Former Karnataka chief minister Jagadish Shettar late on Saturday (15 April) announced his resignation from the Bharatiya Janata Party (BJP) after he was denied a ticket for the upcoming assembly election on 10 May.
"With a heavy heart I will resign from the party. I am the one who has built and raised this party. They (some party leaders) created a situation for me to resign from the party," Shettar said.
Shettar is the incumbent legislator from Hubli-Dharwad Central constituency.
Till late last night, the party mounted efforts to assuage Shettar with Karnataka election in-charge Dharmendra Pradhan, Chief Minister Basavaraj Bommai and Union Minister Pralhad Joshi personally appealing to him not to enter the electoral fray. The former CM, however, continued to remain defiant.
Speculations are rife in political circles that Shettar is likely to join Congress.
Long Association With BJP
Shettar comes from a family with strong Jan Sangh (precursor of the BJP) ideological moorings. While his father, Shivappa Shettar, was the first Jan Sangh mayor of the Hubli-Dharwad Corporation, his uncle Sadashiv Shettar was an influential figure who played an instrumental role in Jan Sangh's limited rise in North Karnataka in the 60s.
A charismatic figure and a famed orator, Sadashiv was among the first four Jan Sangh leaders elected to the Karnataka state assembly in 1967, marking the first time that the party found political traction in the south.
However, the party failed to capitalise on the momentum till it re-emerged in the state's political landscape in a new avatar of BJP in the 1984 assembly elections.
The Idgah Maidan agitation played a crucial role in the meteoric rise of the BJP in Karnataka and catapulted the Shettar to the centre-stage of politics.
A long-disputed prayer ground close to the bus station in Hubballi, the maidan was awarded on a 999 years lease in 1921, to Anjuman-e-Islami, a Muslim organisation.
When several buildings were constructed on the site in the 1960s, Hindu organisations contested the right of Anjuman-e-Islami to do so. The High Court ruled in favour of the contestants, but the Supreme Court later granted a stay on the demolition of the buildings.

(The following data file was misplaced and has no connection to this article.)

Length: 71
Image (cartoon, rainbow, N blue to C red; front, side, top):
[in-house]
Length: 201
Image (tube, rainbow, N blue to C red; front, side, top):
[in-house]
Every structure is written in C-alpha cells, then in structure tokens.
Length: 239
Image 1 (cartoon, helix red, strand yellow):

In the early 1990s, the BJP launched a major agitation in the state, seeking permission to unfurl the national flag in Idgah Maidan in Hubli. This demand was resisted by Muslim organisations in the state.
The Congress state government under S Bangarappa backed the Muslim groups. It denied the protesters permission for flag-hoisting, but despite prohibitory orders, a group of young men managed to enter the ground and hoist the tricolour.
Between 1992 and 1995, the BJP made several attempts to hoist a flag at the Idgah Maidan. It became a rallying point for party leaders across the state and a powerful magnet for the leading lights of the Ayodhya movement.
Led by Sangh and BJP, Hindus in the Hubballi-Dharwad region mobilised under the umbrella of Rashtradhvaja Gowrava Samrakshana Samiti (Committee for Protecting the Honour of the National Flag), attempted to hoist the national flag at Idgah Maidan, but they were prevented from doing so.
Shettar, serving as local unit leader, was fielded by the party candidate from Hubli Rural in the 1994 state assembly elections.
Benefiting from the favourable political climate created by the flag movement, Shettar was among the 40 party legislators who emerged victorious as BJP made significant electoral inroads in the state.
In 1994 assembly election, Shettar scored his maiden victory by a margin of over 15,000 votes defeating current CM Basavaraj Bommai, then Janata Dal candidate.
Shettar's subsequent political rise was fortuitous, as he repeatedly emerged as the beneficiary of factional fights within the BJP, between Yediyurappa and those opposed him.
Leader Of Opposition And Party President
In the 1999 state assembly elections, when BJP contested in alliance with the Ramakrishna Hegde-J H Patel faction of the Janata Dal, its foremost leader Yediyurappa suffered a shock defeat to Congress candidate G M Mahalingappa as a massive anti-incumbency wave swept J H Patel-led ruling Janata Dal government out of power (only time Yediyurappa has lost an election).
With Yediyurappa not in the house, the party decided to anoint Shettar as the leader of the opposition in a bid to quell a rebellion within its rank. Shettar was viewed as a political lightweight who could not upset the internal equations.
It was widely believed that sworn rivals Yediyurappa and Ananth Kumar joined forces to keep out another senior leader B B Shivappa, who was seen as a frontrunner for the post. Shettar was a lucky beneficiary from the temporary truce.
In 2005, he was appointed as BJP Karnataka president succeeding senior leader Basavaraj Patil Sedam. The decision was again seen as a party's top leadership adopting a path of least resistance to address the internal bickering.
Shettar served as revenue minister in the BJP-JDS coalition government headed by H D Kumaraswamy in 2006.